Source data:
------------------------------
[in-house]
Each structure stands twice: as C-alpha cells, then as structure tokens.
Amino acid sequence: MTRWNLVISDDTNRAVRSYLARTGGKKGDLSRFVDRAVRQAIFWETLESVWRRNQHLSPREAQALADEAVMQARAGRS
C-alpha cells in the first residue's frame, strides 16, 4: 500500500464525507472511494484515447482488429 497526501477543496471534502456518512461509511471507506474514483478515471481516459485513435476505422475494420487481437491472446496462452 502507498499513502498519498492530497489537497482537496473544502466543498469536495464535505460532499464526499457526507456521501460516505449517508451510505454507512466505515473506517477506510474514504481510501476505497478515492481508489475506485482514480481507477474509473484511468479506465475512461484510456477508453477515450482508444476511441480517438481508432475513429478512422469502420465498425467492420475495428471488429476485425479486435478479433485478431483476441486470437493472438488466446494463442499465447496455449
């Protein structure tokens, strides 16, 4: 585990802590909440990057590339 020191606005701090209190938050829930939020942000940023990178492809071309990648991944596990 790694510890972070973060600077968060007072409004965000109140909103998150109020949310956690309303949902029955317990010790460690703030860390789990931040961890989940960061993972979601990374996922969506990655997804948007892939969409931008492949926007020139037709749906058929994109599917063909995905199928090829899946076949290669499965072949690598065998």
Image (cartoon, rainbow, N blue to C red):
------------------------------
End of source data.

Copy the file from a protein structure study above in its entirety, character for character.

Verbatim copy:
[in-house]
Each structure stands twice: as C-alpha cells, then as structure tokens.
Amino acid sequence: MTRWNLVISDDTNRAVRSYLARTGGKKGDLSRFVDRAVRQAIFWETLESVWRRNQHLSPREAQALADEAVMQARAGRS
C-alpha cells in the first residue's frame, strides 16, 4: 500500500464525507472511494484515447482488429 497526501477543496471534502456518512461509511471507506474514483478515471481516459485513435476505422475494420487481437491472446496462452 502507498499513502498519498492530497489537497482537496473544502466543498469536495464535505460532499464526499457526507456521501460516505449517508451510505454507512466505515473506517477506510474514504481510501476505497478515492481508489475506485482514480481507477474509473484511468479506465475512461484510456477508453477515450482508444476511441480517438481508432475513429478512422469502420465498425467492420475495428471488429476485425479486435478479433485478431483476441486470437493472438488466446494463442499465447496455449
């Protein structure tokens, strides 16, 4: 585990802590909440990057590339 020191606005701090209190938050829930939020942000940023990178492809071309990648991944596990 790694510890972070973060600077968060007072409004965000109140909103998150109020949310956690309303949902029955317990010790460690703030860390789990931040961890989940960061993972979601990374996922969506990655997804948007892939969409931008492949926007020139037709749906058929994109599917063909995905199928090829899946076949290669499965072949690598065998």
Image (cartoon, rainbow, N blue to C red):